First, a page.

feelings of esteem and affection, God giving me time and opportunity, I will
endeavor to prove myself to the end not undeserving; and when this war is over
our cause nobly sustained and we have returned to our homes, it will be enough
to say for us all, dead patriots and live heroes, that we belonged to the Second
Wisconsin Regiment and that you were of the Randall Guard of that Regiment. To
the officers of this company and to you Capt. Randolph, words cannot express the
grateful feelings of my heart. Noble soldiers! brave companions! tried friends!
as you have honored me so may you always be honored by a grateful country and
your tried friends! as you have honored me, so may you always be honored by a
grateful country and your tried men."
At the conclusion of the brief and comparatively unpretending ceremony, quite a
crowd of officers and men had congregated who complained slightly of not being
allowed to know of the affair to the end that the whole regiment might have
participated. The commonest remark among the soldiers was "how I would like
to go into battle with that man for a Colonel!"
"We have a full
blue suit, a fine black hat nicely trimmed with bugle and plate and ostrich feathers; and
you can only distinguish our boys from the regulars, by their good looks."
Letter to the Mineral Point Tribune, Oct. 22, 1861
Letters from the Army
Washington army letters are generally considered contraband so far as publishing
them in newspapers is concerned. The sons, brothers and friends of all, in all
parts of the country are writing from the seat of war about the same terrible
account of affairs respecting the misconduct of officers, dry nurses &c. We
have solicited for publication the following extracts from a private letter
written by an intelligent soldier, serving in a Wisconsin regiment. He writes to
a friend residing here the following among other things:-
" I am told that in one of the Wisconsin regiments there are two hundred on
the sick list and others are perhaps faring as badly. Sergeant Major Griswold of
the Second Wisconsin sleeps his last sleep and Capt. McKee of your place will
probably follow him ere this reaches you. But where now are Gov. Randall's
boasted state agents who were appointed especially to look after the sick?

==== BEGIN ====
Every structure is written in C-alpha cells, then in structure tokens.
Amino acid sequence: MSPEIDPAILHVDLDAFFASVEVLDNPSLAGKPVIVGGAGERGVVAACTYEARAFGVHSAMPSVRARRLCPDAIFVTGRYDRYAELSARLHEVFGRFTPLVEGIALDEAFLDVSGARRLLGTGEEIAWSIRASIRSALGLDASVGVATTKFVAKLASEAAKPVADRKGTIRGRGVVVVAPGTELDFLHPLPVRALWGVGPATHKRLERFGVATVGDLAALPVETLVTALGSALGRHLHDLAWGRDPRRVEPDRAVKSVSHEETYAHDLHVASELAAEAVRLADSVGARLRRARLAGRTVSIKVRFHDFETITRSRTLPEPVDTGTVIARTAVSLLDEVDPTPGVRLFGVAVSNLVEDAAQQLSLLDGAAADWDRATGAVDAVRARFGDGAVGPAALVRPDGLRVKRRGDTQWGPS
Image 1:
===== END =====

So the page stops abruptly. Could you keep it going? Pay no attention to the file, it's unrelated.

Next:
Drinking and loafing about the city while our men are dying without even the
presence of a friend.
One captain told me today that he first intimation he had that one of his men
was dangerously sick was the notice in the papers that he was dead. Gov. Randall
wrote a fine article- certainly a readable one- on the sending out of State agents
but where are the good Americans? I venture to say that not one of them has ever
seen a single friend of yours or mine when sick. I venture to say that they have
been seen one hundred times in the
Oct. 27th pass through Pleasant Valley, crossing South
Mountain at Crampton's Gap, through Burkittsville and Petersville in Middle Valley toward
the Potomac. Eight miles.
Oct. 30th cross the Potomac at Berlin and march to Lovettsville,
VA. Seven miles. March to Purcellville. Eight miles. Nov. 3rd to Snickersville. Five
Headquarters, 2d Regt, Wis. Vol.,
Ft. Tillinghast, Va., Oct. 31
Capt J.W. Ruby:- Dear Sir:- Permit us, members of Company F, 2d Regiment Wis.
Volunteers, lately under you command, to address you a few lines expressive of
our feelings towards you for your untiring labors in your behalf.
From the first moment you became our Captain you endeared yourself to us by your
evident determination to make us a superior Company and while your discipline
was exceedingly strict, your conduct has ever been so gentlemanly and so excepted
from anything like overbearance or partiality that, this has only been a means of
winning our high regards instead of engendering hostile and bitter
feelings as is too frequently the case. Everything that you could do,
consistently you have done most willingly, prompted by those higher motives that
inspire only superior officers. Your career with us has been one of flattering
success as our rapid improvement so abundantly testifies. We recognize in
you an experienced officer one who knows his duty thoroughly and who never fails
to perform it; who is peculiarly adapted to command and who never fears to meet
an enemy; in short, one who has been tried and never been found wanting.
But our hearts are sad and we are indignant for persons unacquainted with your
merits and instigated only by selfish motives have affected your removal. Most
deeply do we regret that you have to leave us, but let us assure you that you
have won a place our heats from which you will never be removed while there are
any left beating in Company F.
May your high qualifications yet call you to positions of greater responsibility
but amid all the varied duties of your life we hope to be now and then kindly
remembered by our much esteemed friend.
We wish you well, but Reluctantly say farewell.
J. M. Mann